WT101 - French whites
Bastille Day is coming up on July 14, and most people have pretty much put that embarrassing "Freedom Fries" thing behind us, so there couldn't be a better time for a toast to the international ideal of freedom that just about everyone shares.
And while you're at it, you might want to drop by our Wine Tasting 101 Forum, where this month's topic covers the rather broad territory of "French white wine," with Boston-based wine writer Thor Iverson as the guest host and expert.
Iverson has penned a brief overview of French white wines and a quick regional overview of Loire Valley whites for your enjoyment. He'll be adding more information about other French white-wine regions, and he and other experts will be on hand throughout July to respond to your questions and comments.
A key purpose of Wine Tasting 101, of course, is to help you gain confidence in tasting wine and sharing your thoughts about it with others by providing easily digestible information and useful advice as you try your hand at writing wine notes in a friendly, supportive environment. I hope you'll grab a glass of something French and white and drop by the forum to give it a try.
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M. Chapoutier 2002 Belleruche Côtes-du-Rhône Blanc ($11.99)
This clear, light-gold wine shows the intriguing minerality and pleasantly oxidative character that often begins to show in Rhône whites even after just a year or two in the bottle: White fruit, beeswax, honey, a hint of almond, a whiff of banana oil and a sense of wet granite, so complex and shifting that it takes a while to sort it all out. It's a bit more straightforward on the palate but very pleasant, white fruit and stony minerality; tart acidity builds a firm structure and lasts into a long finish. U.S. importer: Paterno Imports, Lake Bluff, Ill. (July 4, 2005)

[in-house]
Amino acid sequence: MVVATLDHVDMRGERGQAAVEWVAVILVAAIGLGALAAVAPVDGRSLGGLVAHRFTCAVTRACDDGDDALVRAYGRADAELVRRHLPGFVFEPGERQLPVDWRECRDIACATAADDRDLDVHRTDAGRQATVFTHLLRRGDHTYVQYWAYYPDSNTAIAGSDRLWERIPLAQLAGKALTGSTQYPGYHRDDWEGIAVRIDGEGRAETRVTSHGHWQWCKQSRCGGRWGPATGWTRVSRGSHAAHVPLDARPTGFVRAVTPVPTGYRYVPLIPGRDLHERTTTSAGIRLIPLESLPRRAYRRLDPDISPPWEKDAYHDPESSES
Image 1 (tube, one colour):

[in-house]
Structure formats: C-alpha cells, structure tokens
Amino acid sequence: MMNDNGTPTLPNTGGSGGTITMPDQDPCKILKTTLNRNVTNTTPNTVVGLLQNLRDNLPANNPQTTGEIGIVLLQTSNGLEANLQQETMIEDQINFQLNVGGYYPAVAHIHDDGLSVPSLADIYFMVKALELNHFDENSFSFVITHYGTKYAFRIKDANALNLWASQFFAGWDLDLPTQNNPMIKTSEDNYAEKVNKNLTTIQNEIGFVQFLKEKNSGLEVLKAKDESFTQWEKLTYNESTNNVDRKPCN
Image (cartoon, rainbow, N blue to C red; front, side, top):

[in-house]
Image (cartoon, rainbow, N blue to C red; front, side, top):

FOOD MATCH: I'd suggest it as a classic match with freshwater fish or goat cheeses, but it also made a great cross-cultural pairing with vegetarian Chinese dim sum dumplings.
VALUE: Belleruche, an "affordable" Northern Côtes-du-Rhône from the excellent Chapoutier, is generally an excellent buy in both the red and the white, and this one is no exception.
WHEN TO DRINK: The oxidative nature of Rhône whites makes aging a bit iffy, as rich complexity can tip into Sherrylike oxidation with time; while they stay on the tightrope, though, they can be great, and at this price you can afford to risk saving one or two for the sake of science. Note that the 2003 vintage, which is likely to be a fatter, fruitier wine, is now available, but the 2002 (which was not as disastrous a year in the Northern Rhône as the South) should still be widely available in wine shops.
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Wednesday, July 6, 2005